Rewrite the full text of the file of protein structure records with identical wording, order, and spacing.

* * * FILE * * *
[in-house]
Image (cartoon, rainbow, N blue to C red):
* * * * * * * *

[in-house]
Image (cartoon, rainbow, N blue to C red):